The Newspaper Boy Strike of 1899 was unlikely fodder for a Disney movie, but the 1989 film taught a generation about the true meaning of a fun job, great friends, and the necessity of organized labor.
The lead singer of the Old 97’s discusses the way digitization has disrupted the collaborative nature of a musical community whose members treat each other with respect, even when they’re making money.
Many NFL players are recognizing that their sports careers are lies, because the owners don’t care about players’ health or longevity, or validate their identity as black men in America. Seeing American professional football through the lens of the pimp game makes clear the power, exploitation, collusion and immorality at the heart of a business that treats players like property and gaslights the viewer.
By reducing songs to “skip rates” and curated playlists, Spotify turns music to wallpaper and poses a threat to music itself.
“It is not quite fair to say that Donald Trump lacks core beliefs, but to the extent that we can take apart these beliefs they amount to Give Donald Trump Your Money and Donald Trump Should Really Be on Television More.”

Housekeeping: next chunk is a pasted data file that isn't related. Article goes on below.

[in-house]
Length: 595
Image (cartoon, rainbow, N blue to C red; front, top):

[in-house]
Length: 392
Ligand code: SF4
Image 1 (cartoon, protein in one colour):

Is dying alone the worst possible thing that can happen? With the onset of death doulas, you need not impose on friends and relatives in your inevitable decline or suffer the shame of kodokushi, the Japanese term for ‘“lonely death,” meaning the quiet but messy end of a solitary life.’
“Slack tracks and catalogs everything that passes through it, and that is supposed to be a perk. But if the little guy can find anything in the archive, so can his risk-mitigating boss.”
A fantastic essay by Rick Perlstein, on the cult of “smart” in America and how it distorted the ideals of our democracy. “Even as we moderns spend enormous amounts of our conscious energy making evaluations about who is sophisticated and who is simple, who is well-bred and who is arriviste, and who is smart and who is dumb, these are entirely irrelevant to the only question that ends up mattering: who is decent and who is cruel.”
From content to coffee beans to stylish, DIY scarves at the corner boutique, everything in America seems curated now, so how did the larger culture appropriate the job of an art gallery? And how does this process influence politics and our sense of truth?